Publisher's Note:  

Many are familiar with the story of the much-married King Henry VIII of England and the celebrated reign of his daughter, Elizabeth I. But it is often forgotten that the life of the first Tudor queen, Elizabeth of York, Henry’s mother and Elizabeth’s grandmother, spanned one of England’s most dramatic and perilous periods. Now New York Times bestselling author and acclaimed historian Alison Weir presents the first modern biography of this extraordinary woman, whose very existence united the realm and ensured the survival of the Plantagenet bloodline.
Her birth was greeted with as much pomp and ceremony as that of a male heir. The first child of King Edward IV, Elizabeth enjoyed all the glittering trappings of royalty. But after the death of her father; the disappearance and probable murder of her brothers—the Princes in the Tower; and the usurpation of the throne by her calculating uncle Richard III, Elizabeth found her world turned upside-down: She and her siblings were declared bastards.
As Richard’s wife, Anne Neville, was dying, there were murmurs that the king sought to marry his niece Elizabeth, knowing that most people believed her to be England’s rightful queen. Weir addresses Elizabeth’s possible role in this and her covert support for Henry Tudor, the exiled pretender who defeated Richard at the Battle of Bosworth and was crowned Henry VII, first sovereign of the House of Tudor. Elizabeth’s subsequent marriage to Henry united the houses of York and Lancaster and signaled the end of the Wars of the Roses. For centuries historians have asserted that, as queen, she was kept under Henry’s firm grasp, but Weir shows that Elizabeth proved to be a model consort—pious and generous—who enjoyed the confidence of her husband, exerted a tangible and beneficial influence, and was revered by her son, the future King Henry VIII.
Drawing from a rich trove of historical records, Weir gives a long overdue and much-deserved look at this unforgettable princess whose line descends to today’s British monarch—a woman who overcame tragedy and danger to become one of England’s most beloved consorts.

This book was sent to Compass Book Ratings for review by Ballantine Books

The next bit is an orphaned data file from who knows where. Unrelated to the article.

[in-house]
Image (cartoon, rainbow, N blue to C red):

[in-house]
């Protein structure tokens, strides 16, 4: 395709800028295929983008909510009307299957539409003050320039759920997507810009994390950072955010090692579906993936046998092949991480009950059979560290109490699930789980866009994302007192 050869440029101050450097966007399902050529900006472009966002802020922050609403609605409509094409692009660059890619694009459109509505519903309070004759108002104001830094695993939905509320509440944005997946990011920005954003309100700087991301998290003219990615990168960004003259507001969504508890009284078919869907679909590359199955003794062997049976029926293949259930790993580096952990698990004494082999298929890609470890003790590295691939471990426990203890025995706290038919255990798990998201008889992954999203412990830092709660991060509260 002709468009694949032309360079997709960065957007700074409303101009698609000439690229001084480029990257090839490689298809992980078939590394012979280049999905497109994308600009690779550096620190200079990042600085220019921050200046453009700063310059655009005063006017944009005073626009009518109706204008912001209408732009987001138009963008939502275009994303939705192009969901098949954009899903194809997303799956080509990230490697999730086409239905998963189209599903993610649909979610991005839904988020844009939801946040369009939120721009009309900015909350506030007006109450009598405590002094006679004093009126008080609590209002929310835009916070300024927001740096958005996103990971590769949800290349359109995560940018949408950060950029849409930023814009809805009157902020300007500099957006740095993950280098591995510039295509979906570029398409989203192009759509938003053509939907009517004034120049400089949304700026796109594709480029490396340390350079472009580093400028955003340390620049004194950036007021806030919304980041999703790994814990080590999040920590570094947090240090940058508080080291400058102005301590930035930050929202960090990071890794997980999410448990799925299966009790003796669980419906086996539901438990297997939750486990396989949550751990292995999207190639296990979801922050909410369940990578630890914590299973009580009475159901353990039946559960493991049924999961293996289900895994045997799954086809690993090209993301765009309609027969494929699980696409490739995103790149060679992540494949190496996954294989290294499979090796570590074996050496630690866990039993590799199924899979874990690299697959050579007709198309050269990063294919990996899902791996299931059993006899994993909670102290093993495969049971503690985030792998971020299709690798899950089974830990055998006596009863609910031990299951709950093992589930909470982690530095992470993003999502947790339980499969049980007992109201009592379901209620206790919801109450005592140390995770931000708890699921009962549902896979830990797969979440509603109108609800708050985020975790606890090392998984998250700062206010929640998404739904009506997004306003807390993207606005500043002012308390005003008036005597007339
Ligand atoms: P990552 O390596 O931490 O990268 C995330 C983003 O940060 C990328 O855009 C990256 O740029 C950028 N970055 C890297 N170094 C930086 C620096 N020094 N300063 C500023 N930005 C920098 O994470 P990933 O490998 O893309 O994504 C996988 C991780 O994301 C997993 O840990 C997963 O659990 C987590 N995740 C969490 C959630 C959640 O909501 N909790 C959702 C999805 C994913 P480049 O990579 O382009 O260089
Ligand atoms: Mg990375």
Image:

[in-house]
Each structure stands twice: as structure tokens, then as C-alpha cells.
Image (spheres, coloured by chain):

Elizabeth of York

by Alison Weir

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Overall Review:  

In Alison Weir's latest book, Elizabeth of York, readers will be immersed in detail. Weir, a New York Times Bestselling author, covers every imaginable part of Elizabeth's life. This well-organized biography includes customs and terminology of the day, as well as pictures and a family tree. Weir expands on a multitude of important historical events like the War of the Roses and reign of Richard III. The mystery of the two young princes in the Tower of London is also heavily discussed (Elizabeth was their sister).


Weir is remarkable for her ability to present research and then give argument to what she believes -- yet still allowing readers to draw their own conclusions. I liked how well the book flowed and learned a great deal from its content. Elizabeth of York is a fantastic biography. 

Content Analysis:  

Profanity/Language: 1 religious exclamation, 1 mild obscenity, 39 derogatory names


Violence/Gore:  Numerous reports of violence involving war and murder; a few violence details from battle; numerous non-detailed scenes of violent death.


Sex/Nudity:  Several sexual references and accounts of reported sexual activity; several pages discussing whether or not a royal marriage was ever consummated. 

Mature Subject Matter:  

Murder, war, infidelity, death of family members.

Alcohol / Drug Use:  

Frequent drinking occurs throughout the book.

Reviewed By Rachel
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